Risk-Taking Pays Off
One general insight is that students who take risks with the content and the structure of their college essays tend to be more successful across the board. One student who was admitted to several top colleges wrote about his father’s addiction to pornography and another wrote about a grandparent who was incarcerated, forcing her mother to get food stamps illegally. Weird formats also tend to do well. One successful student wrote an essay tracking how his credit card was stolen, making each point of the credit card’s journey a separate section on the essay and analyzing what each transaction meant. Another’s essay was a list of her favorite books and focused on where each book was purchased.
“One of the big questions our users have is whether they should take a risk with their essay, writing about something that reveals very intimate details about themselves or that takes an unconventional format,” Shyu says. “What we’re finding is that successful essays are not ones that talk about an accomplishment or regurgitate that student’s résumé . The most compelling essays are those that touch on surprising personal topics.”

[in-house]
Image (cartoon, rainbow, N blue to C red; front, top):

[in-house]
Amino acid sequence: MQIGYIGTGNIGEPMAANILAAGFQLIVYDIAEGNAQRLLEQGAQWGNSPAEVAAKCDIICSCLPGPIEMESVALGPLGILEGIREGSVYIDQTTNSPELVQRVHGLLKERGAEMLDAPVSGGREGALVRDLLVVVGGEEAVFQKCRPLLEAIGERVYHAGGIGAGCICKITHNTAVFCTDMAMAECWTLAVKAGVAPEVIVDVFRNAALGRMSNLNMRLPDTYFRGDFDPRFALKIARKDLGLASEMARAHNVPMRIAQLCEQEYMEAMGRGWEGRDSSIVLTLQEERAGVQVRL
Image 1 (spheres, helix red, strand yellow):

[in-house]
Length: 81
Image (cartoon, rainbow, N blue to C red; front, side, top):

Of course, one caveat here is that taking a risk only makes sense if the essay is well-executed. Shyu says that the content and structure of the story must make a larger point about the applicant, otherwise it does not serve a purpose. And it goes without saying that the essay must be well-written, with careful attention paid to flow and style.
Shyu says that there are two major takeaways that can be taken from the company’s data. The first is that it is very valuable for applicants to tailor their essays for different schools, rather than perfecting one essay and using it to apply to every single school. The second is that these essays can offer insight into the culture of the school. “The essays of admitted students are also a reflection of the community at these institutions,” Shyu says. “It can provide insight into whether or not the school is a good fit for that student.”
A final tip? If you want to go to Harvard and write about your parents, make sure to address them as “mother” and “father.”